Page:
The team cobbled together by Bishen Bedi to give England some more practice after the cancellation of the Ahmadabad international contained no fewer than 15 players, who popped on and off more or less as they pleased, and Kapil Dev appeared as a batsman only.
No one knew this (including his own captain) until the mid-innings break, when Kapil left a note in the dressing-room to say that he had gone home for lunch and would not be coming back.
As for the crowd, it was roughly on a par with what you would get for one of those arctic Benson and Hedges zonal games in April, thin enough for the middle-aged western lady sitting on a fold-up chair on one of the terraces to look highly conspicuous.
This was Marion Reeve, mother of Dermot, who travels all round the world from her home in Hong Kong to watch her boy play cricket. With all due respect to Reeve, handy all-round cricketer though he is, you would have to be a blood relation to turn up specifically to watch him anywhere, let alone a practice match in the uniquely ugly Ferozshah Kotla Stadium, Delhi.
The game itself just about served its purpose, without telling us much more than we knew already, and Graeme Hick at least got the feel of bat on ball with an innings of 93 that contained five sixes. However, he might just as well have hit five sixes facing a couple of overs from John Emburey in the nets, and the quality of the bowling - Maninder Singh excepted - was at best dubious.
Robin Smith, who went in first with captain for the day, Alec Stewart, smashed four fours in one over from one of the local medium pacers, but Smith's qualities against this type of bowler are not in doubt. No sooner was he exposed to a spinner, a left-armer with an action that belonged to a welly-whanging contest, than he prodded back a low return catch. Smith, in particular, looks so uneasy against spin, that England might be better off opening with him in the one-dayers.
England's own two spinners yesterday, Ian Salisbury and Philip Tufnell, were comfortably the pick of the bowlers, and Tufnell's delivery to Gautam Vadeva, which turned sharply to have him stumped by Richard Blakey, was further evidence that he has finally located his rhythm.
Blakey kept wicket better than he batted, but at least he got out on to the field for reasons other than ferrying out drinks and fresh pairs of batting gloves. Blakey, though, is philosphical about his inevitable role as the tour's Lord Lucan. 'At Yorkshire, I've never been sat on my arse for long periods,' he said, 'but I'm in good spirits, and you never know. If someone gets sick or injured, I could find myself keeping in a Test match at a few hours' notice.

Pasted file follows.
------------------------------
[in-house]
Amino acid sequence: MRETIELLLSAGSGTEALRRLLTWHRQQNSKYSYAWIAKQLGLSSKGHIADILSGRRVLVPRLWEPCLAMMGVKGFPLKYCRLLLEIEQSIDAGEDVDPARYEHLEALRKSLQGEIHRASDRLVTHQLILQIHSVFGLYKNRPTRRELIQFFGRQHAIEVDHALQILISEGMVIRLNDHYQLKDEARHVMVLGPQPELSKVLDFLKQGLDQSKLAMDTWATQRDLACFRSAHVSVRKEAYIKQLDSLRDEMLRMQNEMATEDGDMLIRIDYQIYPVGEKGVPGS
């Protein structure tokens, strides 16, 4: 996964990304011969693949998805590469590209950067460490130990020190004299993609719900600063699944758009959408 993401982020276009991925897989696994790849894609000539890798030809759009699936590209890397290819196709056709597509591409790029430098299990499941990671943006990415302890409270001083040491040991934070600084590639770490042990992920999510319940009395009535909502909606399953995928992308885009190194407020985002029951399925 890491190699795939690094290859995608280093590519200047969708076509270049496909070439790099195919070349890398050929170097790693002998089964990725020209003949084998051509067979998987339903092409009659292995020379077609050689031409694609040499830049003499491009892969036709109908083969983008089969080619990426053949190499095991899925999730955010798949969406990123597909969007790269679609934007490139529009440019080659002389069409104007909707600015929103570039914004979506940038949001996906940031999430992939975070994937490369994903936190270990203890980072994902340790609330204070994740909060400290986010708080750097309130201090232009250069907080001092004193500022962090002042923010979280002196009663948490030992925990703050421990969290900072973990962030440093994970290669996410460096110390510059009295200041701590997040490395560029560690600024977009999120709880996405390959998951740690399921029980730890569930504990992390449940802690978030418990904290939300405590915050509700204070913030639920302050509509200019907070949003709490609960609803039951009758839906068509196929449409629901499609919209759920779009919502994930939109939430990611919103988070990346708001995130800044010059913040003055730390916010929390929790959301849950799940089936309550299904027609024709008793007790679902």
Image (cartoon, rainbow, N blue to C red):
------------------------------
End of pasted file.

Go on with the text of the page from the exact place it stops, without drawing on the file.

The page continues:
'To a certain degree, you can go backwards doing little more than netting, and you can lose that match edge. But I'll keep going, and it has crossed my mind that when Graham (Gooch) goes home before Sri Lanka, I might just sneak the Test match there. Alec might keep wicket, of course, but captain, opener and keeper seems a bit of a handful to me.
'I'm the first to admit that I lack experience on difficult pitches, and there were times last season when I did not have the experience to cope with certain types of bowling. However, I think I have now reached a good standard of wicketkeeping, and I'm the sort of bloke who will keep working at getting better. My actual aim is to become the best keeper in England.
'I also want to be regarded as a top-order batsman, although it's quite obvious that the quality of the players we have at the moment would not get me into the England side on that alone.'
In fact, England's middle order looks fragile enough against spin for Blakey to become an outside contender for an international place before Sri Lanka, although the team for the first one-dayer in Jaipur on Monday is unlikely to be any different to the one that lost so badly here on Wednesday.
Meantime, England's Under-19 squad have now arrived in India, and were immediately made to feel important by being sent to a hotel in Delhi that did not so much have a sign with five stars hanging outside, as five cockroaches. 'It was an unbelievable place, and appeared to be home for most of the mosquitos in India,' Graham Savile, the coach, said yesterday.
Savile has now had them moved to the senior team's hotel, but even so, the Indian Board was not keen on forking out too much extra cash, and the players are billeted three to a room. Whoever it is at the TCCB who imagines that a one-star hotel in Delhi is the equivalent to a one-star hotel in Derby, should be made to fly over and stay in it himself.Reuse content